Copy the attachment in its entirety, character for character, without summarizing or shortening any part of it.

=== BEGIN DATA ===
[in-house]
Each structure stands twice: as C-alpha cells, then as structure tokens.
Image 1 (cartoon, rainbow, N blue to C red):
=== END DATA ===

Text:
[in-house]
Each structure stands twice: as C-alpha cells, then as structure tokens.
Image 1 (cartoon, rainbow, N blue to C red):